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So, I’ve played through Breath of the Wild, and now that I’ve had
time to digest the many aspects of this fantastic game, I can really
write more about it. The first and best thing I can say is that it
made me feel like a kid again. I haven’t felt that way since _Wind
Waker_, and that is really, really saying something. The game designer
in my head will often nitpick things as I play, and while he wasn’t
entirely silent, he was mostly as enthralled as I was. _Majora’s
Mask_ might still be my favorite Legend of Zelda, but it’s very,
very close. Hell, maybe they’re tied. I can’t really say.

My opinion of _Twilight Princess_ is basically that it’s an
extended, episodic Ocarina of Time ripoff that exceeds it in most
aspects of control/graphics/music, etc., but ultimately fails to
exceed it as a whole, and I really, really dislike _Skyward Sword_,
which I’ll write about another time. But I haven’t had something
take me back to Hyrule and keep me there in a very, very long time,
and even though I invoke Wind Waker, even that didn’t bring me there
like this game did.

What is perhaps most impressive to me is that while characters can
enrich an experience, I feel like I’d enjoy this game with any face.
The enchanting characterization and development of smaller parts of
the world is just Zelda bonus to what was already a great game. I
think one way it really succeeds is in that it lets you go in
virtually any direction from the start, and you just sort of find your
way. It does openness very, very well, and Link’s ability to climb
and interact with the world around him exceeds that of any other Zelda
to date.

However, it does have some minor drawbacks that I cannot help but

A big thing going through my head thinking this is comparing it to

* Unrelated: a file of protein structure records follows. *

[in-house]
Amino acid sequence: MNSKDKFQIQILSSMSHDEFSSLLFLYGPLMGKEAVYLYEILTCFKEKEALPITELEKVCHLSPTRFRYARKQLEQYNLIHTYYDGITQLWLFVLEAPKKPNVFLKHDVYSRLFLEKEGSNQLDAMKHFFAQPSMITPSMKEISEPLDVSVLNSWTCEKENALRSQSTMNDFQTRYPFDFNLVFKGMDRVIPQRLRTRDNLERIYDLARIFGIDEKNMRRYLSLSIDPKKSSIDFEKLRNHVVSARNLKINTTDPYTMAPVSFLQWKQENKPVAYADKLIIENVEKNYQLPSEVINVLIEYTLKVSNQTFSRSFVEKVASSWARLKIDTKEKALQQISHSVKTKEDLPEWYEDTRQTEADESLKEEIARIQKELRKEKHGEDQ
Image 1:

_Skyrim_. And while Skyrim ultimately feels more grounded — even for
a “you’re the chosen one, epic dragon-slayer game — that isn’t
what anyone’s looking for in Zelda. We want the ascendent chord, the
come-up — our noble hero on a divine quest. And while we definitely
get that, one aspect of its execution here is a world that remains
largely unfilled. In Skyrim, you will find remnants of the lives of
others, be it mini-quests to find some drunk’s ale, sidequests to
rescue a kidnapped child, or even just an old letter detailing the
death of the former occupant of a now-empty house. A lot of times in
_Breath of the Wild_ there’s just a lot of land, colored with
whatever biome you happen to be in. A great deal of care was put into
creating this world, but I feel like they forgot to fill many parts of
it, and once you’re used to the ebb and flow of the game, it can
often create a sense of ennui that pulls you out of the world until
you find the next “thing”. My inkling is much the same as with
Skyward Sword — they created a beautiful world and tried to fill it
after the fact, and stopped before they were finished. I think they
might be better off filling small parts as they expand, to really give
life to what they create, as opposed to it simply being the home to a
shrine puzzle and a couple of Korok seeds. That is what made Skyloft
feel so much more alive in Skyward Sword compared to, well, the rest
of the game. Breath of the Wild has plenty of liveliness despite this,
however, and this bit of emptiness only becomes apparent when you’ve
spent a considerable amount of time in this most recent incarnation of

The story, while incredibly engaging, and telling us a tale that
allows us to climb up after the fall, largely feels to be only
half-complete. I’m reserving judgment on this aspect for now, as
there’s apparently DLC coming out to flesh out the first half of the
story, which, if done in a satisfying way, may make this game’s
story feel more complete. Obviously, I’m not a fan of DLC being done
this way, but, better than not existing.

Something I think the game does very well is its sense of scale. And
an area I think it falls short on is when it takes itself a bit too
seriously and tries to draw your attention to that scale. I like when
the gameplay itself shows you the grandeur of the world before you,
rather than a mini-cutscene or fixed camera angle that is basically

For once, the music did not floor me. It was charming in many places,
and I like how there wasn’t always music, but sometimes I felt it
was too light a touch for when I really wanted a theme going in the

Ultimately, I don’t think any of these things really _takes away_
from the game enough to remove its status as a masterpiece. It’s one
of my absolutely favorite games to date, and I can only hope this is
the new starting point for future titles in the Legend of Zelda
series. The beauty of this game’s scenery, atmosphere, the driving
_feeling_ of playing this game, its satisfying difficulty, engaging
puzzles… I could go on. I would rate this game 10/10, easy, and I